Jake Sullivan, Biden’s national security adviser, said Wednesday that Biden would make an announcement Friday with the European Commission, the E.U.’s executive body, regarding efforts to reduce reliance on Russian energy, but he declined to provide details.

“I think you can expect that the U.S. will look for ways to increase LNG supplies – surge LNG supplies to Europe – not just over the course of years, but over the course of months as well,” Sullivan told reporters aboard Air Force One. “Of course, that amount will grow over time.”

Sullivan said the goal of helping Europe reduce its reliance on Russia is “a major priority,” adding that the U.S. is already diverting cargoes to increase the supply of gas to Europe.

Some of the new sanctions Biden will announce Thursday will be directed against Russian lawmakers, a U.S. official said, a move that Ukrainian President Volodymyr Zelensky requested when he addressed Congress in a video speech earlier this month.

“We propose that the United States sanctions all politicians in the Russian Federation who remain in their offices and do not cut ties with those who are responsible for the aggression against Ukraine, from State Duma members to the last official who has lack of morale to break this state terror,” Zelensky said. The State Duma is one of the chambers of the Russian parliament.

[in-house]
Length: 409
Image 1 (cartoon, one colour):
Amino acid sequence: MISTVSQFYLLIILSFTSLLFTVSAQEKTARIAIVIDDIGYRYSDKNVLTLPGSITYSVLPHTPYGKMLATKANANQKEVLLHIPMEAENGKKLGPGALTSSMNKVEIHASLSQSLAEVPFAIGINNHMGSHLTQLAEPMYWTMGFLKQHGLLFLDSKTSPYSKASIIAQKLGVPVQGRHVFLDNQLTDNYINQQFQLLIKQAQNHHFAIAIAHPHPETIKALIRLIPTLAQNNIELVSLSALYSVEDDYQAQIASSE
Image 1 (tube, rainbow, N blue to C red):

But Biden is holding some of his options for sanctions in reserve. The U.S. has not moved forward with sanctions against prominent Russian oligarch Roman Abramovich, for example, because Zelensky asked the United States not to do so, according to a person familiar with the matter.

Zelensky advised that Abramovich may be helpful in negotiating a peace deal with Russia, the U.S. official said, who spoke on the condition of anonymity to describe private conversations. Zelensky’s request was first reported by the Wall Street Journal.

Asked for comment Wednesday, Emily Horne, a spokeswoman for the National Security Council, declined to comment.

As Russia’s invasion of Ukraine sparked international efforts to punish powerful people with ties to Russian President Vladimir Putin, Abramovich announced last month that he was handing over “stewardship” of his London soccer club, Chelsea FC, to the team’s charitable foundation. Members of the British Parliament urged him to give up his assets, and Abramovich put the club up for sale earlier this month.

The United Kingdom soon announced sanctions against Abramovich and six other Russian oligarchs, seeking to isolate powerful figures close to Putin. Their assets in the United Kingdom would be frozen, British officials said, and the oligarchs would be banned from traveling to the United Kingdom or doing business with any British citizen or company. The European Union also imposed sanctions on Abramovich last week.